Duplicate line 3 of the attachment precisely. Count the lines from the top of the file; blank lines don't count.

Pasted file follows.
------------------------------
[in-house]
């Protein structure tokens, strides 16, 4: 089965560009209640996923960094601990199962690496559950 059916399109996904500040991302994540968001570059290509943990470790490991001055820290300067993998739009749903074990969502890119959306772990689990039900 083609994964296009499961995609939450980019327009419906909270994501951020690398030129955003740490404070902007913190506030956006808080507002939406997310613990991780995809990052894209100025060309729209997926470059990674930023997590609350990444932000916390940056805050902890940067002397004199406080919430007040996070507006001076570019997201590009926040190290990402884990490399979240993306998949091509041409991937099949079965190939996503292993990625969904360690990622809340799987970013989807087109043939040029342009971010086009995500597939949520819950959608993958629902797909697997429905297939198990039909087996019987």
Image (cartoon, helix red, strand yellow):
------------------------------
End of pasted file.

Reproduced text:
Image (cartoon, helix red, strand yellow):